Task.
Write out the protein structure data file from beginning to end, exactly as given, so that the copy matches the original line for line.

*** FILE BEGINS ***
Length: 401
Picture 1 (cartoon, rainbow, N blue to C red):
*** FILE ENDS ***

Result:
Length: 401
Picture 1 (cartoon, rainbow, N blue to C red):